The successful renovation and replacement of the original tiled floor at Sandon Hall required skills and manufacturing techniques long forgotten by conventional processes.
Sandon Hall is Lord Harrowby’s home in Staffordshire, it was originally built in 1848. In 1865 a classical Victorian conservatory was added, it was designed by the acclaimed Henry Stevens of Derby and included elaborate ironwork and a beautiful, decorative Minton tiled floor. The Hall is now used for corporate events and receptions and is in frequent use. After 140 years of wear and tear, the floor was in need of considerable attention and it was decided to pull up the original, restore any saved encaustic tiles and make a replica of the original entire floor. The house is listed and therefore approval from English Heritage had to be granted and all work approved.
The original Minton floor combined black and white geometrics with bespoke encaustic tiles and is considered to be a stunning example of its style. Michael Bosson the manager of Sandon Hall refers to it as being “quite beautiful” and was heavily involved in the project. Around 90% of the original floor was damaged when it was taken up. Lee Baron Consultants were employed to oversee the project, who in turn commissioned Craven Dunnill Jackfield to manufacture the replacement tiles and restore damaged tiles. Original Victorian tile-making techniques were used and all the colours were matched to the original floor.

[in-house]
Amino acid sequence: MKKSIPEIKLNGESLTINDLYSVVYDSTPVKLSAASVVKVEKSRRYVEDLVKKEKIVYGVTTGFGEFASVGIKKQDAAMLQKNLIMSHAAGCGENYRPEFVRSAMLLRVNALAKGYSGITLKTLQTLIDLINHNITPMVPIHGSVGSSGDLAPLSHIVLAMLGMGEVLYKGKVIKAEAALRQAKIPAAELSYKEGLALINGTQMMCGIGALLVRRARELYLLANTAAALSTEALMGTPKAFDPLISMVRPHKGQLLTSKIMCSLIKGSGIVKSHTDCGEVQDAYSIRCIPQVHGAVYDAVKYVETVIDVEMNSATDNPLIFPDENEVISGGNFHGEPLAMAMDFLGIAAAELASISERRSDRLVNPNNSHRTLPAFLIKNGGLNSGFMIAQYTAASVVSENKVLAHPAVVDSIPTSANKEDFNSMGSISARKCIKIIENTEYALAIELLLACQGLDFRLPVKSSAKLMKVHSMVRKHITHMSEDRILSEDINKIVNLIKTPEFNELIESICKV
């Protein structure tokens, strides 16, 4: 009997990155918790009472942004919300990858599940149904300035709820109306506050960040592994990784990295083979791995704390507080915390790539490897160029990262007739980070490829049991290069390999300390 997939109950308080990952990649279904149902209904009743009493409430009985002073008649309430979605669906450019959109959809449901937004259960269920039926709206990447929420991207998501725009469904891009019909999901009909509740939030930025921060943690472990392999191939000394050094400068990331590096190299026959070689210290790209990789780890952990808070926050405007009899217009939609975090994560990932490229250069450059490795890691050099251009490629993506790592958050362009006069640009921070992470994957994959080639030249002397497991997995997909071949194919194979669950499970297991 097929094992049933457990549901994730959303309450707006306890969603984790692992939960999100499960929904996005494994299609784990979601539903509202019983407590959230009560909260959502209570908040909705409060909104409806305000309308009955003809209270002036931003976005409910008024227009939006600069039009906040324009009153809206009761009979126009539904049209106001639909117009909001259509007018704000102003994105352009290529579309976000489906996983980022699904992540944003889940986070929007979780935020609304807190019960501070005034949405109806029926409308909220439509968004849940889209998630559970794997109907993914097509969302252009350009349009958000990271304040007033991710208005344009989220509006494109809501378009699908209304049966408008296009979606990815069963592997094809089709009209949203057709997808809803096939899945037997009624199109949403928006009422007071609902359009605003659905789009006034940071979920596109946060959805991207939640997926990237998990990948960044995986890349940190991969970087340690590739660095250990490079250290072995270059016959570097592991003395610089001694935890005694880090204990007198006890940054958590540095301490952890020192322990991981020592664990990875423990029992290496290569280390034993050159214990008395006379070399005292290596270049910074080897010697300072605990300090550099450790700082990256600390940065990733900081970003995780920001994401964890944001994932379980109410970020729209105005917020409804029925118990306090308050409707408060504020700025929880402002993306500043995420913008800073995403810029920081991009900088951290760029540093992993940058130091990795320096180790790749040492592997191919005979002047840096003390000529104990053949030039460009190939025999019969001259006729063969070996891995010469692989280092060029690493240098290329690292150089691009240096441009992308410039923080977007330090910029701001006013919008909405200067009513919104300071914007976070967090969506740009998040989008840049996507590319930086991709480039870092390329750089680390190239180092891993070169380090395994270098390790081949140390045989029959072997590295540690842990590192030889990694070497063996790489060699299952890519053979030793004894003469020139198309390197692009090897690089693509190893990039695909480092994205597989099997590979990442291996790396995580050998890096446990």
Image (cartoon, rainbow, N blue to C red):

A few facts and figures:
- The conservatory is 90 square metres of tiled floor.
- Around 20,000 tiles (51 mm x 51 mm) were made by Craven Dunnill Jackfield including 16,000 geometric white tiles, of which 5,000 were individually cut to size.
- Many of the encaustic tiles (decorated tiles) were saved fo2/6/11ed to be completely replaced. Each tile was individually handmade.
- The colours had to match the palette used in 1865. Craven Dunnill Jackfield has developed a library of historical colours from previous renovation projects and the colours could therefore be selected, in confidence, from its existing geometric palette.
- Restoration of a few saved tiles was required before they could be re-laid and this was carried out by Lesley Durbin at the Jackfield Conservation Studio.
The tiles were re-laid in June 2005 by highly skilled floor tilers. looking as it did in 1865 when first laid, the floor tiles make a stunning sight for visitors at Sandon Hall.